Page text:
difficult child and his negative persistance ....

Discussion in 'General Parenting' started by shellyd67, Sep 29, 2010.

  1. shellyd67

    shellyd67 Active Member

    Ever since I can remember, difficult child has become fascinated with some kind or toy or video and just becomes a lunatic about wanting husband and I to buy it for him. Most times it is a new toy a friend or neighbor has. We have tried to explain that he needs to earn the money to make the purchase but he is not having that ! He reminds me of the little girl from Willy Wonka ... I think her name was Veruka " I want it Daddy and I want it NOW !" He is fixated on a nerf toy right now and drove husband nuts about it last night ! His schooching (as we call it) has gotten somewhat better over the years but geeze louise ....
  2. JJJ

    JJJ Active Member

    It is the same here and whoa when we don't give in...if you find a solution, please share!
  3. Marguerite

    Marguerite Active Member

    We get this too. For a while we would give in a little. Somewhat. But he had to choose.

    I think the classic example, was a time when we were on holiday. There are always certain characteristics about toys or other objects that attract difficult child 3. Puzzles, video games, objects which fall or can be shot out of a gun; lava lamps and other paperweight things with bubbles falling or rising - you get the idea. Every day while we were on holidays we got "I want, I want" and every shop we browsed in, we got tantrums on leaving if we hadn't bought him something.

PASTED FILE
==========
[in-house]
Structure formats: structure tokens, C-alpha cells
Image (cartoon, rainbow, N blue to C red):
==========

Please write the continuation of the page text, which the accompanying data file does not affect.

So we finally said to him, "We will buy ONE toy a day. One. Once we have bought the toy for that day, that is it. You have to choose."
    Of course there were still problems, difficult child 3 would get us to boy the toy for the day then see another he HAD to have in every other shop. But because we were staying in the same area, we were able to go back to shops the next day. difficult child 3 was learning to choose, which was the first step. After a two week holiday, we had accumulated a lot of stuff. Of, and generally they were family possessions and not difficult child 3's.

    Another thing we did was allow a certain amount of money per child, and they had to budget. difficult child 3 was still a bit too young to be able to do this, and his anxiety at possibly missing out on a toy would have him too frantic to think straight. So the first idea above, is what worked best for him at that stage. And it did NOT continue after we got home from holidays!

    The same anxiety of "What if it's sold by the time I have saved up my money?" was, interestingly, a problem for easy child. So we instituted "family shop". This meant that we would buy ONE toy per child, to put in our "family shop". Once that toy was bought, it meant it was safe form being sold out form under them. But they had to save up and redeem that toy from us first, before we would put another toy in the shop. The only exception was if there was a going out of business sale, or "We won't be stocking your favourite product any more" sale, as when the local store stopped stocking Sylvanian Families and easy child had been collecting them all. Which reminds me - she now has her own house, and we still have the dolls house with all the toys. Hmm...